The nomination of Betsy DeVos to become the U.S. Secretary of Education advanced to the Senate floor this week. The full Senate is expected to take a final vote on her nomination Monday.

The Senate Health, Education, Labor, and Pensions (HELP) Committee advanced her nomination out of committee Tuesday on a party line vote, with all Republicans voting in favor and all Democrats opposing the advancement of her nomination out of committee. Two Republicans expressed uncertainty during the committee but ultimately voted in favor at that time; they later said they will oppose her nomination on the Senate floor. Without an additional identified “no’ vote, this creates a tie vote, with 50 senators expected to vote for her nomination and 50 expected to vote against. Under that scenario, the Vice President breaks the tie, meaning DeVos would seek confirmation through the help of Vice President Mike Pence.

17_web_Spotlight_AdvocacyCentral_1All reports still suggest that Texas’s two senators are poised to vote in favor of her nomination. Senator John Cornyn (R-TX) told CNN this morning that concerns over DeVos were not fair, adding, “If people think our public education system is perfect, then I guess they don’t think we need to have any changes or any choices for students and their families,” he said. “I certainly think we do.” ATPE members can still log on to Advocacy Central to express their position on the nomination of Betsy DeVos by writing, calling, or contacting their Texas senators via social media.

Meanwhile, on the other side of the Capitol, the U.S. House Education and the Workforce Committee is quickly pressing forward on something seen as a huge opportunity under the Trump Administration: vouchers. The Subcommittee on Early Childhood, Elementary, and Secondary Education held a hearing this week entitled, “Helping Students Succeed Through the Power of School Choice.” Among the invited testifiers was Former Texas Commissioner of Education Michael Williams. He advocated for “private school choice” and encouraged the federal government to leave accountability up to states. The full hearing can be viewed here.

DeVos nomination heads to Senate floor while opposition votes grow

 

The U.S. Senate Health, Education, Labor, and Pensions (HELP) Committee advanced the nomination of Betsy DeVos to the Senate floor on Tuesday. The 12-11 vote broke down on party lines, with all Republicans voting in favor and all Democrats opposed to the vote. However, two Republicans expressed some indecision during the hearing and later confirmed they’ll vote against her nomination on the Senate floor.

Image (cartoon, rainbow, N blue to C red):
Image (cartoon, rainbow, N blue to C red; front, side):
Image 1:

E

The partisan breakdown over the nomination of Betsy DeVos has been on display since her confirmation hearing. The vote this week was no exception. HELP Committee Chairman Lamar Alexander (R-TN) continued to express his support for the nominee and denied a request from Ranking Member Patty Murray (D-WA) to delay the vote. Alexander called DeVos the “most questioned” education secretary in Senate history, which again had Murray pointing to the fact that this nominee is different from previous education secretaries and more time is needed in order to adequately vet the nominee.

This time, however, Alexander didn’t seem to have the full backing of all of his Republican colleagues on the committee. Two Republican Senators, Senator Lisa Murkowski (R-WA) and Senator Susan Collins (R-ME), expressed uncertainty with regard to their position on DeVos’s nomination. Both ultimately advanced the nomination to the Senate floor, but acknowledged the nominee had not yet earned their full support.

Today, both Republican senators announced that they have decided to oppose DeVos’s nomination when a vote is taken on the Senate floor. This is a big development as now only one additional Republican would need to join Democrats in opposing DeVos in order to block her confirmation. A simple majority on the Senate floor is all that is needed to confirm DeVos.

Opposition has grown since DeVos fumbled her confirmation hearing and calls to Senate offices have increased. The opposition has expressed serious concerns over DeVos’s credentials, lack of commitment to public education, understanding of federal law, and financial connections and contributions, among others. Murray asked for Tuesday’s committee vote on the nominee to be delayed in order to have more time to review DeVos’s responses to questions senators were not given time to ask during her confirmation hearing. Answers to most of the follow-up questions asked of DeVos can be found here.

17_web_Spotlight_AdvocacyCentral_1Texas Senators John Cornyn and Ted Cruz will now have a chance to vote on Betsy DeVos when her confirmation vote hits the Senate floor. ATPE members can access Advocacy Central to write, call, or contact their senators via social media and express their position on the nomination of Betsy DeVos. A date for the final vote has not been set.

Related Content: The U.S. House Education and the Workforce Subcommittee on Early Childhood, Elementary, and Secondary Education will meet tomorrow (Thursday, Feb. 2, 2017) for a hearing entitled, “Helping Students Succeed Through the Power of School Choice.” Among the invited testifiers is Former Texas Commissioner of Education Michael Williams. Read more about the hearing and access to information to view the hearing live here.

Teach the Vote’s Week in Review: Jan. 27, 2017